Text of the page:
In this tutorial we will learn how to load data from an external file and we will create a graph with a population area x for the 10 most populous cities in the world.


Originally created as a tool to teach programming to visual artists, Processing language now has applications in several areas, including data visualization. Its simplified syntax is a good alternative for beginners to the coding world, and its development platform can be downloaded for free online.

In this tutorial we will learn how to load data from an external file and we will create a graph with a population area x for the 10 most populous cities in the world.

Processing Environment

When you open the program, you will find something like a text editor. That’s where we will type commands – no, there is not a “toolbar” here, since the original goal of Processing is to teach programming fundamentals.

To run the script that we are going to write, just click on the play button at the left top corner of the window. A new window will open, empty for now, since we haven’t created any commands yet. Close it (or press the stop button) and save your file before you start programming – by default its name is the creation date, but you can choose any other name.


Basic Commands

To begin to understand Processing syntax, type the code below and run the program:

size(1200, 200);
ellipse(600, 100, 100, 100);

You will see a window like this:


What does this mean?

These commands are called functions. We use two of them: size and ellipse.The first defines the size of the document we are going to work with (in pixels). The second draws an ellipse. Beside each one, inside the parentheses, we have the parameters: information that the program needs to know for how it will perform each function. In our case:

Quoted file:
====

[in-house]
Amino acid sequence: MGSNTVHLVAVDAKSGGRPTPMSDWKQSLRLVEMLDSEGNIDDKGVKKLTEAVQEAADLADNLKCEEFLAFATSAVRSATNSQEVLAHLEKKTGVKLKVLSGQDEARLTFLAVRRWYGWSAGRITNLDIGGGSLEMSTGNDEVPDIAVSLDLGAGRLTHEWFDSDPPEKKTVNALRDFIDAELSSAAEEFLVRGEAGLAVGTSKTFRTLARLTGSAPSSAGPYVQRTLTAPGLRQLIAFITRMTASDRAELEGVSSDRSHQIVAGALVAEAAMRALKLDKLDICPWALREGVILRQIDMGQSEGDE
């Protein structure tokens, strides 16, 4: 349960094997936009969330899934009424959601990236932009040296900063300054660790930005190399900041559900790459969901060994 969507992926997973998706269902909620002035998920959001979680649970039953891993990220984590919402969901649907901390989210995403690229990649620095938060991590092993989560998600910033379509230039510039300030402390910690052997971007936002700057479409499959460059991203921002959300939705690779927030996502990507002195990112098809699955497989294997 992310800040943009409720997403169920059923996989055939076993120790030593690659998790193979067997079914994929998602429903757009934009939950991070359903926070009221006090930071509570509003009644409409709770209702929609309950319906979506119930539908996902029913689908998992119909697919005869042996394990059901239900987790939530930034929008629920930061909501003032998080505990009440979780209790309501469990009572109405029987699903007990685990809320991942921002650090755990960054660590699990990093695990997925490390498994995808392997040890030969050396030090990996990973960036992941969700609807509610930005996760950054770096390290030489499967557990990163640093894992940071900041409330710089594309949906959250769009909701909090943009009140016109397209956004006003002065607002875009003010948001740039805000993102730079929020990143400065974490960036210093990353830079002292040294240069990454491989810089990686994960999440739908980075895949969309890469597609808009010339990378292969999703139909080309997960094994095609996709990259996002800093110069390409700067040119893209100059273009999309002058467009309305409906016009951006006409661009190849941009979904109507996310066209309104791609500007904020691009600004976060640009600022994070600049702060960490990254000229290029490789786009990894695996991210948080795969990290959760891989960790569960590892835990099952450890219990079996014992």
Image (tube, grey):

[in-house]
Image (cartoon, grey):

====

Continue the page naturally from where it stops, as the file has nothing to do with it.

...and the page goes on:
size (width of the document, height of the document);
ellipse (horizontal coordinate of the ellipse, vertical coordinate of the ellipse, width of the ellipse, height of the ellipse);

It means that it’s possible to translate the second line as “draw an ellipse 400 pixels from the left edge and 100 pixels from the top, 100 pixels high and 100 pixels wide”. Try to change these numbers to better understand how they work.

At last, some details we need to be aware of:

  • parameters must always be separated by commas (white space makes no difference);
  • we always need a ; after each command.
  • It doesn’t matter if you have a space or a paragraph between these symbols, but they must be there!

If you’re curious and want to try other ways before going ahead, take a look at the following commands:


You will find instructions for each one on the Processing reference web site.

Visualizing: accuracy vs. synthesis

To see the density of each city here, we will use a straightforward technique: representing the total number of inhabitants as points within the city area. This feature offers a less precise notion than a bar chart would, for example – you can not tell the area or the population of the cities just by looking at the pictures below:


Our intention, however, is simply to present a direct visual and intuitive comparison of the theme: more points, more people; larger square, the larger area. In choosing one or another way of visualizing, always think about the balance between these two variables and analyze how they can work best according to the purpose of your chart.

Formatting data

We will use data from the 2013 Demographia World Urban Areas to draw a graph ranking the 10 most populated cities in the world (table 1).

A simple and practical data format that can be read in Processing is the tsv (tab-separated values). Basically, it is a text format that works like a table, with values ​​separated by tabs instead of cells.


Transferring data from a PDF file into a table is not always an easy task, since the breaks hardly follow the format of the cells that we need.

In the image above, we will only need the columns Urban Area, Population Estimate e Land Area km2. You can download the formatted file here or try to create your own: